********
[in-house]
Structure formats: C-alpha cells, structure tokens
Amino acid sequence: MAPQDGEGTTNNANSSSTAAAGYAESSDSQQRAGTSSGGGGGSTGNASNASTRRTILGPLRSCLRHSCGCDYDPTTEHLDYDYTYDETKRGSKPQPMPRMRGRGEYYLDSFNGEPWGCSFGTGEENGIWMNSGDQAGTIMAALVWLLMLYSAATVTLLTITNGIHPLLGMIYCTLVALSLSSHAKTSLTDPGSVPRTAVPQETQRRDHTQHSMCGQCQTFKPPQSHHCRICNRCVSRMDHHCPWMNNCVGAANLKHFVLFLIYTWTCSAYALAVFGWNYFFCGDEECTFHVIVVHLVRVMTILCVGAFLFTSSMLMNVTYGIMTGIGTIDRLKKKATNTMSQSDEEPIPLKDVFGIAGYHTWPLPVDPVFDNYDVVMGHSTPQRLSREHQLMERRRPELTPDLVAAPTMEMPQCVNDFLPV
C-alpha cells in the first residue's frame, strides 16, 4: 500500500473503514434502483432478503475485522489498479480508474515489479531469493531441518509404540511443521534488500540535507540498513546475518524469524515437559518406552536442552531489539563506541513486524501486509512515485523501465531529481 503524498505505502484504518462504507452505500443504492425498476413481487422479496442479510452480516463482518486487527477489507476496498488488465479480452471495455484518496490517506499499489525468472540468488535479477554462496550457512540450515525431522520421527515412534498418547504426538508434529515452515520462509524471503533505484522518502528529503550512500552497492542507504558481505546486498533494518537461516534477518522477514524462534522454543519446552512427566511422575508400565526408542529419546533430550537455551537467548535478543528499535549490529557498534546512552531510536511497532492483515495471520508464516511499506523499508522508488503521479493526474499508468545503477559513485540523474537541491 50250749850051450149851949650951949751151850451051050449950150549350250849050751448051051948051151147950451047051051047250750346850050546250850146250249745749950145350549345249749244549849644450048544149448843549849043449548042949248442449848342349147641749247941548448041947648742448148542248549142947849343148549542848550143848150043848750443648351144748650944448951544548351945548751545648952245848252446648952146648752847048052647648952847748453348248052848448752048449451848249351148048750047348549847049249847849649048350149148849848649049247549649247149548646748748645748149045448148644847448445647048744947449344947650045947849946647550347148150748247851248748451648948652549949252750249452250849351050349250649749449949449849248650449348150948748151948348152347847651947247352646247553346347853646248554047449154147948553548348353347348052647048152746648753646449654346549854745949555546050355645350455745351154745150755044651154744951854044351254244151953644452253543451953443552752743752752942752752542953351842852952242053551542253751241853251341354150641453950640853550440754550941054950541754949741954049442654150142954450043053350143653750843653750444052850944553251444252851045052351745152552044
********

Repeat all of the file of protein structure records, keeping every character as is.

[in-house]
Structure formats: C-alpha cells, structure tokens
Amino acid sequence: MAPQDGEGTTNNANSSSTAAAGYAESSDSQQRAGTSSGGGGGSTGNASNASTRRTILGPLRSCLRHSCGCDYDPTTEHLDYDYTYDETKRGSKPQPMPRMRGRGEYYLDSFNGEPWGCSFGTGEENGIWMNSGDQAGTIMAALVWLLMLYSAATVTLLTITNGIHPLLGMIYCTLVALSLSSHAKTSLTDPGSVPRTAVPQETQRRDHTQHSMCGQCQTFKPPQSHHCRICNRCVSRMDHHCPWMNNCVGAANLKHFVLFLIYTWTCSAYALAVFGWNYFFCGDEECTFHVIVVHLVRVMTILCVGAFLFTSSMLMNVTYGIMTGIGTIDRLKKKATNTMSQSDEEPIPLKDVFGIAGYHTWPLPVDPVFDNYDVVMGHSTPQRLSREHQLMERRRPELTPDLVAAPTMEMPQCVNDFLPV
C-alpha cells in the first residue's frame, strides 16, 4: 500500500473503514434502483432478503475485522489498479480508474515489479531469493531441518509404540511443521534488500540535507540498513546475518524469524515437559518406552536442552531489539563506541513486524501486509512515485523501465531529481 503524498505505502484504518462504507452505500443504492425498476413481487422479496442479510452480516463482518486487527477489507476496498488488465479480452471495455484518496490517506499499489525468472540468488535479477554462496550457512540450515525431522520421527515412534498418547504426538508434529515452515520462509524471503533505484522518502528529503550512500552497492542507504558481505546486498533494518537461516534477518522477514524462534522454543519446552512427566511422575508400565526408542529419546533430550537455551537467548535478543528499535549490529557498534546512552531510536511497532492483515495471520508464516511499506523499508522508488503521479493526474499508468545503477559513485540523474537541491 50250749850051450149851949650951949751151850451051050449950150549350250849050751448051051948051151147950451047051051047250750346850050546250850146250249745749950145350549345249749244549849644450048544149448843549849043449548042949248442449848342349147641749247941548448041947648742448148542248549142947849343148549542848550143848150043848750443648351144748650944448951544548351945548751545648952245848252446648952146648752847048052647648952847748453348248052848448752048449451848249351148048750047348549847049249847849649048350149148849848649049247549649247149548646748748645748149045448148644847448445647048744947449344947650045947849946647550347148150748247851248748451648948652549949252750249452250849351050349250649749449949449849248650449348150948748151948348152347847651947247352646247553346347853646248554047449154147948553548348353347348052647048152746648753646449654346549854745949555546050355645350455745351154745150755044651154744951854044351254244151953644452253543451953443552752743752752942752752542953351842852952242053551542253751241853251341354150641453950640853550440754550941054950541754949741954049442654150142954450043053350143653750843653750444052850944553251444252851045052351745152552044